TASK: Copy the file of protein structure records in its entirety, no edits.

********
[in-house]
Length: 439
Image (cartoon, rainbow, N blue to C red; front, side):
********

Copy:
[in-house]
Length: 439
Image (cartoon, rainbow, N blue to C red; front, side):